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Postal Service rolling out 175,000 mobile phones to collect real-time data

Sep. 3, 2013 - 06:00AM   |  
By ANDY MEDICI   |   Comments
U.S. Postal Service Considers Cutting Mail Deliver
A Postal Service letter employee carries a load of mail. The Postal Service will give 175,000 mobile phones as part of its plan to collect real-time data and enable wireless communication from employees in the field. (Justin Sullivan / Getty Images)

The Postal Service is deploying about 175,000 mobile phones as part of its plan to collect real-time data and enable wireless communication from employees in the field, according to a top agency official.

John Edgar, the vice president of information technology, said postal letter carriers have long been equipped with scanners that log the time and location of deliveries, but have lacked a way to upload that information instantly at the point of delivery. Postal workers would have to return to a postal facility to load the data into online tracking systems.

“We would have hours of unavailable tracking data that we were not able to present back to our customers or the mailers,” he said.

But now the agency has been rolling out Bluetooth-enabled cellphones that can take the information from the scanner and upload it in real time, according to Edgar.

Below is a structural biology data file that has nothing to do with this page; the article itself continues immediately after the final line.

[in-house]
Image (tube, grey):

“Now, by getting that data in real time, we are able to much more efficiently and timely present that data to people that are querying the packages so that they have better ability to track the packages and know where they are,” he said.

Edgar said the Postal Service will fully deploy the cellphones by the end of September. He added that this was the first step in building out the capabilities that postal workers could have in the field.

He said he could not specifically list what capabilities they were developing but that they would be able to enhance what postal workers would be able to do for their customers.

“There are a number of services we are envisioning that once we have real time communications and potentially voice communications to the carriers that we would be able to use to enhance the capabilities that they have and the things they can do on their route,” Edgar said.

He said the Postal Service IT structure is one of the largest and most complex in the world and the agency is always looking for ways to improve its process or cut costs.

Mobile devices are central to that strategy, Edgar said. Advances in technology allow the agency to lower costs and improve their data analysis and put that information into the hands of employees who need it when they need it.

He said that while the agency does not allow postal workers to accept payments while delivering items, the new wireless capability would give the agency that capability.

“With the technology, we would have the capability if we chose to do so,” Edgar said.

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